Oh, and forget about left turns. They weren't allowed if you were in the two-lane section, and they were pretty risky at any and all times.
It took a while, but by the late 1990s, traffic engineers grudgingly admitted the system was flawed, with one official saying, "I guess those signs with the red X's just don't mean anything to some drivers, though you would think it would be obvious." Union Avenue was finally converted into a "normal" street. The good news is that the city engineers finally came to their senses before they could apply the same crazy lane-control system to — gulp — Germantown Parkway. Yep, that was the plan, believe it or not. Many lives were saved, I believe, because this plan was thwarted.
No Respect for the King
With a crime rate as bad as Memphis', we're lucky our city has spawned so many dumb crooks. But to end our April Fools list, we'll mention just one particularly bizarre crime that had everyone — even the famous victim — scratching their heads.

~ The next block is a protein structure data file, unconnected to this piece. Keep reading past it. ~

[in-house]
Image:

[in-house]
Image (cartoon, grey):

In 2004, a topless dancer named April Veach somehow got the idea that wrestling champion Jerry "The King" Lawler had hidden $200,000 in cash in an old jukebox in his East Memphis home. Veach persuaded three police officers — one of them the son of veteran TV newscaster Jerry Tate — to join her in a plot to steal the money. It would be an easy job, they thought, because Lawler was often out of town hosting wrestling matches, and the thieves managed to get their hands on blueprints of the house. But the plan went awry — to say the least — when another officer invited to join the caper tipped off the FBI, and the four were quickly arrested and charged with a surprising variety of crimes, including drug conspiracy. Veach was sentenced to prison for 13 months; the former officers went to jail for as long as 14 years.
All for nothing. A baffled Lawler told police he didn't keep any money in his home. Yes, he did have a jukebox loaded with CDs, "but not the kind you can take to the bank."